Those who want to experience and learn more about virtual reality will have their chance tomorrow during a free, public event 2-3 p.m. at the University of Louisville’s Gheens Science Hall and Rauch Planetarium.
Two virtual-reality clips will be shown on the planetarium’s 55-foot, immersive dome:
After the clips are shown, there will be a discussion about how to harness of the power of virtual reality filmmaking in the Louisville community.
The conversation will be facilitated by Aukram Burton, executive director of Kentucky Center for African American Heritage; Dean Otto, curator of film for the Speed Art Museum; Leo Osborne, founder of a video and digital communications firm; and Nathaniel Spencer, who runs a video services company and is a Louisville Film Commission advisory board member.
Employment growth in careers related to science, technology, engineering and math (STEM), underscores the importance of a new degree collaboration between Kentucky State University and the University of Louisville. The initiative allows KSU undergraduates majoring in math to study seven semesters (3.5 years) at KSU, and three semesters (1.5 years) at UofL, earning a bachelor of arts or bachelor of science (BA/BS) in math at KSU and a master of science (MS) in biostatistics from UofL. Students benefit by completing six years of study in five years.
“We continue to see a growing demand for a more highly educated workforce throughout the Commonwealth,” said UofL’s Interim President Greg Postel, M.D. “This collaborative effort will expose underrepresented groups to graduate education in a degree that will lead to high-demand, high-paying jobs and help Kentucky continue to move forward in an ever more competitive economy.”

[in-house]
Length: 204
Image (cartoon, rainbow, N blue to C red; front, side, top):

“We are pleased to partner with a great institution like the University of Louisville, and I thank the KSU and UofL faculty for their innovative and creative thinking; our aim is to build a strong P-20 pipeline to serve Kentucky and this initiative helps meet that goal,” said KSU Interim President Aaron Thompson, Ph.D.
Interested students are identified in the early stages of their study at KSU and are mentored for the graduate program. They must take the GRE and apply for admission to UofL. Upon admission, students study the spring semester of their senior year at UofL and take courses that count toward a bachelor’s degree in math at KSU and the master’s degree in biostatistics at UofL. The balance of the master level courses are completed in the fifth year toward the MS degree in biostatistics.
Kentucky State Senator Gerald A. Neal, 33rd District, is an alumnus of both KSU and UofL and says the initiative is a significant inter-institutional collaboration. Continue reading